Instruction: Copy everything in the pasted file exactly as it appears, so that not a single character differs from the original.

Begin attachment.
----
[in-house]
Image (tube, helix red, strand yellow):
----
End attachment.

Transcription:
[in-house]
Image (tube, helix red, strand yellow):